The segregation was in collaboration with the statement made by A. A. Kincannon who said that the education system of America was designed for the white children and incidentally for the black children. That was why one could get African American churches trying to support schools and colleges to bridge the gap in education facilities.
The formation of NAACP began the first fight against segregation through the courts. It called for a meeting with other legal personnel to decide on how to stage an attack on segregated educational infrastructure. In the meeting, the organization resolved that all cases that were addressing segregation in the education sector would fight for non-segregated education system. As a result, there was a proposal to incorporate the five school desegregation cases into one. It was called Brown v Board of Education. This was the case that out did Plessy v Ferguson (1896).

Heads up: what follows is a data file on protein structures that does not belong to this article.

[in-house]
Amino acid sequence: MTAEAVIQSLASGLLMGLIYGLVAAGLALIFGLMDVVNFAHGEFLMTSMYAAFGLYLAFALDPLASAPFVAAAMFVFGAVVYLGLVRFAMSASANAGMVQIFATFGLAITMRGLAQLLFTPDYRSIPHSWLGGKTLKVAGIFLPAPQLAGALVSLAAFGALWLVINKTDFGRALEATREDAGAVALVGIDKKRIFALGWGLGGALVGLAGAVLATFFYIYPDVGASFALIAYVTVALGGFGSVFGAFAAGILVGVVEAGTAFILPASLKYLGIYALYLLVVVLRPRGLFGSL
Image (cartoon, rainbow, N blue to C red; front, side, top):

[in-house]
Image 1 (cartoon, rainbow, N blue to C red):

The case was brought into court in the late 1952. The lawyers representing the five cases stated that the segregation of schools dishonored 14th amendment’s pledge of ‘equal safeguard of the laws.’ The lawyers also stated that segregation violated the student’s fifth amendment rights to allow them rights to life, property, and liberty without due procedures of law.
In 1951, the parents whose children had been denied access to white elementary schools nearby filed a lawsuit against the Topeka BOE. Reverend Oliver Brown was the first parent listed in the suit and the lone male; the case was named after him. The court ruled against them, though, it stated that the segregation of the blacks was negatively affecting them. He appealed in the Supreme Court with the collaboration of NAACP.
Segregation in the education system finally came to an end with the ruling made by Chief Justice Warren. In the ruling, particular highlights were made. The Judge said that, in the respective cases, the young ones of the African American people were seeking help from the courts on segregation basis. They were requesting acceptance of their race to the public schools without segregation arising. The black children were denied permission to join schools attended by the white children. This was under the law that was in agreement with segregation according to race (Bell, 2004).